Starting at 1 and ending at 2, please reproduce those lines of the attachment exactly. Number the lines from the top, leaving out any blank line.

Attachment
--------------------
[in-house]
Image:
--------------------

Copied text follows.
[in-house]
Image: